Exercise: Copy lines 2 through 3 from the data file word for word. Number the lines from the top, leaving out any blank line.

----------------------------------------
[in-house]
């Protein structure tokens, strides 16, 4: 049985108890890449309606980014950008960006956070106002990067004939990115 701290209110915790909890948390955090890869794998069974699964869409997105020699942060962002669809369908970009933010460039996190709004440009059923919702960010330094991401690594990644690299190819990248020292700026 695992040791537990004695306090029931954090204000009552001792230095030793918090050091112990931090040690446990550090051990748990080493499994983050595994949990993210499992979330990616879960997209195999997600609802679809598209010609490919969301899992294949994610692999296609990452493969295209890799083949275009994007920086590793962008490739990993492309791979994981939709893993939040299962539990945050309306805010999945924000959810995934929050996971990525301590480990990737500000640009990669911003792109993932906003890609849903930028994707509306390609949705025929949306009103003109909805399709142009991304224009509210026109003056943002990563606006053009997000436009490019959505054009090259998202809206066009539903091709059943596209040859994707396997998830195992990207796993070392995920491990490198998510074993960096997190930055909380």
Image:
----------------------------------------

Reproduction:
């Protein structure tokens, strides 16, 4: 049985108890890449309606980014950008960006956070106002990067004939990115 701290209110915790909890948390955090890869794998069974699964869409997105020699942060962002669809369908970009933010460039996190709004440009059923919702960010330094991401690594990644690299190819990248020292700026 695992040791537990004695306090029931954090204000009552001792230095030793918090050091112990931090040690446990550090051990748990080493499994983050595994949990993210499992979330990616879960997209195999997600609802679809598209010609490919969301899992294949994610692999296609990452493969295209890799083949275009994007920086590793962008490739990993492309791979994981939709893993939040299962539990945050309306805010999945924000959810995934929050996971990525301590480990990737500000640009990669911003792109993932906003890609849903930028994707509306390609949705025929949306009103003109909805399709142009991304224009509210026109003056943002990563606006053009997000436009490019959505054009090259998202809206066009539903091709059943596209040859994707396997998830195992990207796993070392995920491990490198998510074993960096997190930055909380």
Image: